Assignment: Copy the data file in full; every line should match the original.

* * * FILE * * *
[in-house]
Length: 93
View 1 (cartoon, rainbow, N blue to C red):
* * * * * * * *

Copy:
[in-house]
Length: 93
View 1 (cartoon, rainbow, N blue to C red):